“Many of these clubs that now are against the Super League were involved in the initial process – they suddenly moved out when they were threatened by UEFA. So we don’t know if, in a free environment, they will freely choose to join the Super League.”
After ECJ’s ruling, A22 announced a rebooted version of the Super League, introducing promotion and relegation that was missing in its initial proposal. It also attempted to win over fans by promising free-to-watch matches.
The proposed format for the men’s competition includes 64 teams in three leagues – Star, Gold and Blue. The Star and Gold Leagues will have 16 clubs each while the Blue League has 32 clubs. The women’s competition would have two leagues of 16 clubs each.
However, the revamped structure and lure of free matches may not be enough to enthuse football fans.
“It does feel a bit like flogging a dead horse in terms of pursuing the European Super League idea,” Mark Middling, a senior lecturer in accounting at Northumbria University, said of the new proposals.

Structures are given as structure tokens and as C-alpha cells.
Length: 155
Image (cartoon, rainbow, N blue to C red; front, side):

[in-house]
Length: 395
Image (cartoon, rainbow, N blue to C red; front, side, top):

“The new format, still, seems too much of a trade-off compromise. If you’re in that Star League at the top, it is still going to be very difficult for that team to be relegated from European football.
“So even though a team might be doing poorly in their domestic league, they could still be at the upper echelons of the European league as far as I can work out. It almost takes away the romanticism of football.”
Tena, on the other hand, believes the Super League could attract fans and sponsors, as the format would include matches involving big clubs from day one.
“People are afraid of new things. When the European Cup, which is now the Champions League, was created, people were afraid that this was going to destroy the domestic leagues. But in the end, it became a great idea,” he said.
“The EuroLeague in basketball, which is semi-closed, is a good experiment and people enjoy it. People also enjoy a lot of American leagues that have closed formats. So it’s just a matter of time before people realise the Super League is not as bad as they expect.”
‘Not going to be accepted by fans’